c.     Comparison of nouns (e.g. I have more time than money.)

                                    d.     Gerunds as subjects and objects

4.     Pronouns

                                     a.     Indefinite it as subject

                                    b.     ones (e.g. Mary has three new books.  John has three old ones.)

5.     Adjectives

a.     Neither, other/another, the other

b.     Superlatives: regular and irregular

c.     Comparative expressions:, the same as,  similar to, different from

d.     Present and past participles as adjectives (e.g. It’s a used car.

      He’s a swimming instructor.)

e.     Present vs. past participle meanings (e.g. He’s a bored student.

      He’s a boring student.)

6.     Adverbs and Adverbials

                                     a.     rarely, recently, already, lately, yet, just

                                    b.     anymore, still

                                     c.     too and  enough  with infinitives (e.g. That table is too heavy to lift.)

                                    d.     Contrast  too with very and so (e.g. John’s very tired.  John’s so tired.)

                                     e.     Adverbials with by + reflexive pronoun (e.g. Lucy came by herself.)

                                     f.     Comparative adverbs (e.g. He types faster than the secretary.)

                                     g.     Sequence of adverbs

                                    h.     Superlative adverbs (e.g. She sings the most beautifully of all.)

7.     Prepositions

a.     Introduce and review as appropriate

8.     Conjunctions

a.     not only...but also

b.     until



A.            Assignments

1.     In-class listening tasks (e.g. recording main ideas and supporting details from short stories or lectures on familiar topics with supporting material)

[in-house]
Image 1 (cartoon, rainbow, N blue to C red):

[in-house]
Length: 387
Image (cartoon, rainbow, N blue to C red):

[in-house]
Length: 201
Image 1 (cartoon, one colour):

2.     Listening to conversations of spoken English at a normal rate in familiar contexts.  Identifying the location and attitudes of the speakers.

3.     Structured role-play in which students must provide specific information (e.g. school

      financial aid, detailed accident report)

4.     Preparing a short oral presentation on a subject of personal interest

5.     Reading a short informational or practical text and relate the information to the class or another student

6.     Writing a personal letter for a specific purpose

7.     Filling out authentic forms, surveys or questionnaires






B.            Evaluation

1.     Retell details of a listening task or presentation

a.     main ideas

b.     supporting details

c.     sequence of ideas or actions

2.     Listen to a dialog and identify the general setting and feelings of the speakers

3.     Prepare and deliver a short oral presentation on a familiar topic

a.     present information with supporting details and examples

b.     open and close presentation appropriately

c.     sequence information logically

4.     Write a personal or business letter for a specific purpose

5.     Write one or two short paragraphs responding to a written prompt that include

a.     a topic sentence

b.     supporting details

c.     a conclusion


C.      Texts and Other Materials

1.     Instructor developed material

2.     Foley, Barbara H. and Elizabeth R. Neblett, English in Action 4, Thomson Heinle, Boston, 2003

3.     Maurer, Jay and Schoenberg, Irene E., True Colors 4, Pearson, Illinois, 1998.




Non-credit [meets all standards of Title V, Section 55002 (c)]

Proposed Outline